Washington & Lee University, Lenfest Hall
Henry Adams provided MEP design for the new 60,000 SF music and art wing addition to Lenfest Hall. The multi-story wing rests on a steep wooded hillside overlooking Woods Creek. The building houses an art and music department that was required to be extremely sensitive to its surrounding environment including a residential neighborhood across the stream. Notable spaces include a 200-seat performance/rehearsal hall, large studios for fine arts, piano studio, individual music practice rooms, photography darkrooms, lecture hall and student lounge.
The mechanical design features use of the campus-chilled water system with additional pumps and air handling equipment, with isolated sound and vibration measures.
The electrical system is derived from the campus distribution system, using a pad-mounted transformer and distribution panels to extend feeders to major program space. The emergency distribution system consists of a diesel-driven generator with transfer switches for lighting and atrium smoke exhaust equipment.
The lighting is a joint effort with a theater consultant for performance and stage, with all other areas designed by Henry Adams. A telecom/data distribution system, with Category 6 wiring, for telecommunications and computer systems is provided.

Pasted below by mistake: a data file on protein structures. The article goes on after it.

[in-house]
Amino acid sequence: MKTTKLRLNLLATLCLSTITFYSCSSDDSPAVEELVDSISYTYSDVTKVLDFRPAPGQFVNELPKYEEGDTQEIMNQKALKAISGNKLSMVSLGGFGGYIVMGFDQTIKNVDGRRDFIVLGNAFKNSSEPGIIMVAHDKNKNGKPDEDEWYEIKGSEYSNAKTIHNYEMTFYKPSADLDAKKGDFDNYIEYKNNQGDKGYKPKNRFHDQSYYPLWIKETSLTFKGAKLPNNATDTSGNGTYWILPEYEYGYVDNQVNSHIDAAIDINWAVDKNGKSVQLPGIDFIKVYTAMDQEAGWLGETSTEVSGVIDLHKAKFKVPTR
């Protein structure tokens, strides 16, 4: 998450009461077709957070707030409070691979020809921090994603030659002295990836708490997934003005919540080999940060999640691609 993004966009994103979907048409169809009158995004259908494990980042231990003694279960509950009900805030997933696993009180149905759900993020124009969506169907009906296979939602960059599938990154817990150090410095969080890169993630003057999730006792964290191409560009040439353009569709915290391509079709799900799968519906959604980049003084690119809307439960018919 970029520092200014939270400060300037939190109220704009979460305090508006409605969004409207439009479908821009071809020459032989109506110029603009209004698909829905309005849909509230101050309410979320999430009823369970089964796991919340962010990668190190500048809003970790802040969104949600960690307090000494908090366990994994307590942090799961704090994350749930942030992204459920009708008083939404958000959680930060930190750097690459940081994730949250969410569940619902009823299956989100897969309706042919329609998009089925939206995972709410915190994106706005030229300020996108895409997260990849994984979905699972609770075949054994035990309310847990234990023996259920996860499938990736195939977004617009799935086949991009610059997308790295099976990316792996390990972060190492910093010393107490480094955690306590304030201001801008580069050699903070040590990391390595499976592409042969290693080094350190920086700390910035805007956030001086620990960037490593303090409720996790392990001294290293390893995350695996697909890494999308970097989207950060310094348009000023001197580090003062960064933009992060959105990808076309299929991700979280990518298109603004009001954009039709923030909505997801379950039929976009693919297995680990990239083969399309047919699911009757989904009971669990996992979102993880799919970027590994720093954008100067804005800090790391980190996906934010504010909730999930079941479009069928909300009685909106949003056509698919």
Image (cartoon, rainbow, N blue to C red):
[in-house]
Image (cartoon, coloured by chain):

Energy conservation measures include energy recovery wheels for outside air, condensate heat recovery on steam systems, high efficiency motors, variable air volume, flow restrictors on plumbing fixtures, self-closing faucets, automatic controls of HVAC, and high efficiency fluorescent lighting with solid state ballasts and T-8 lamps where possible.
The fire alarm system is an analog addressable system consisting of manual and automatic initiation devices, interfaces with the theater lighting and sound systems, and audible and visual notification appliances.
Other systems include lightning protection, a conduit system for theater sound, video, and communications wiring and devices, and a theater lighting control system and a building lighting control system interfaced with the building energy management system.
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